Lingua originaleEnglish
pagine (da-a)409-426
RivistaSemiotica
Volume166
Stato di pubblicazionePublished - 2007

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semiotics
drug
experience
music
collective research
video clip
subculture
cultural change
language
movies
cultural studies
social system
jurisprudence
political science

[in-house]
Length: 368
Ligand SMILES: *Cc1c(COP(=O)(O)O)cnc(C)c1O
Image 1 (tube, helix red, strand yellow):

song
Textual Analysis
anthropology
comprehension
sociology
psychology

All Science Journal Classification (ASJC) codes

  • Language and Linguistics
  • Literature and Literary Theory
  • Linguistics and Language

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title = "Toxic substances, semiotic forms. Toward a socio- and textual analysis of altered senses",